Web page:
Stefanie LaHart and Carol Hoffman sat on a picnic blanket in Grand Park, snacking on fresh fruits and cheeses. LaHart, clad in a bright pink tea-length dress — one of her old swing dancing dresses — with her hair curled and eyeliner done especially for the occasion, felt a bit out of place among other audience members wearing shorts and T-shirts.
"Now you won't lose me, Carol," LaHart said. "No one else did the whole dress-up thing. It's hard to miss the girl in the pink dress."
LaHart, a self-proclaimed musical lover, and her friend Hoffman traveled from West Hollywood to downtown L.A. last month to watch the free outdoor screening of "Hairspray" and take in the free dance lessons, one of Grand Park's summer programming features. The park is offering free screenings every Saturday night in August and into September.
Since its opening a year ago, the three-block green space on the sloping land between the Music Center and City Hall has hosted about 70 events and drawn more than 70,000 fans for activities including drum circles and dance-alongs. This past weekend was typical; on Saturday the Park hosted a lively crowd celebrating National Dance Day with free lessons and the chance to dance in the Park's inviting fountain.
Bringing entertainment and cultural activities to Grand Park is an important part of the city's plan to fully revitalize downtown L.A. But it presents a challenge to programmers who must appeal to divergent audiences — the Music Center crowd, shoppers along Broadway, the growing young hipster population, families looking for kid-friendly events — all while preserving the park's laidback feel.
"When you look at the Music Center and you talk to regular folks, they've never been there, they've never been in the Dorothy Chandler pavilion, they have never been in Disney Hall and that's a shame, that's really a shame," Los Angeles County Supervisor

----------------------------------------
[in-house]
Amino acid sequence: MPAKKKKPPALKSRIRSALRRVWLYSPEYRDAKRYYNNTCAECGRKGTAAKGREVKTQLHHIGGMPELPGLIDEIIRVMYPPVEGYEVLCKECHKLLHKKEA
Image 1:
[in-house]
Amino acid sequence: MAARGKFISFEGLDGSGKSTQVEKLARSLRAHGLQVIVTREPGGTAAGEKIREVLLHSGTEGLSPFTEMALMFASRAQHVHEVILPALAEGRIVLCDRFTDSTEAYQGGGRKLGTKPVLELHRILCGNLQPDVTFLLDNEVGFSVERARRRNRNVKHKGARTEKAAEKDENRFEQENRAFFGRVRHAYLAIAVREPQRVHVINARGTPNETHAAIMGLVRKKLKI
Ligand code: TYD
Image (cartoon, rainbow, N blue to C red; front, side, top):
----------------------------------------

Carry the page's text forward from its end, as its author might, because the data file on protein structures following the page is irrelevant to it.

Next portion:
Many park visitors have found ways to make the park connect back on a personal level. On any given weekend a parkgoer might notice children in brightly colored bathing suits playing in the fountain near people reading books in the sun and sipping on iced lattes. The entertainment is usually on the park's middle level — a DJ leading a jam session, a community dance troupe breaking out its moves — which attracts both passersby and others who have come to the park specifically for the event.
Howard Sherman, executive vice president of the Music Center, has been involved in working with the park's director, Lucas Rivera, to tie musical and cultural content into the park's programming. He said they strive to appeal to the entire downtown community.
"The mantra has always been to have diverse crowds onstage and in the audience watching," Sherman said.
Sherman said by offering free shows like the "Hairspray" dance-along and performers from such groups as the Los Angeles Ballet, he has been able to give many parkgoers a taste of Music Center offerings.
Molina, who spearheaded funding for the park and has been involved in its management, said she was not sure that Sherman and the Music Center have been completely successful in their aims.
"I have always found that one of my biggest issues with the Music Center and many of their cultural events is that while they work very hard at outreach and at doing other things is that unless you have the money to walk through those doors, you don't have the opportunity to see the unbelievable performances there," Molina said.
Sherman said the park is frequented by Music Center audiences who walk the grounds before and after events and attend special Music Center programs in the park. But that's just part of the crowd hanging out at the park.
"If you come to the park, people end up coming up the hill to the Music Center," Sherman noted. "It really is leading to more continuity between all the downtown venues." He believes that the park has become such a destination point, both for those who live in the area and those who don't, that it's changing the way people think about downtown Los Angeles.
Park director Rivera said programmed events such as this past weekend's National Dance Day are just part of the attraction. Bicyclists and jurors lounge by the fountain; midday tai chi and yoga classes are held on the lawn and there's a farmers market on Tuesday.
"There's not a box of different ways to use the park," Rivera said. "There are limitless ways and every time I come I see a new one and I think oh, we should program for that."
For many summer fountain frequenters, the unprogrammed playtime seems just right.
Jazmin Marquez, 11, and her aunt Arely Velleda sat in the shade of an umbrella at a table watching Marquez's younger sisters, Angelina, 7, and Carmen, 4, spread their arms and legs out, creating water angels in the bubbling fountain, enjoying the opportunity to cool down by a few degrees last week.
"It's fun and it's awesome, " Angelina said, wearing a pink and brown two-piece swimsuit. "I like to splash on her."
In the few minutes Velleda managed to pull the two out of the fountain, the girls made sure it would not be their last trip to Grand Park.
"Can we come back, tia?" Carmen asked, peering at her aunt like the Daisy Duck that peered out from her T-shirt. "Please, tia."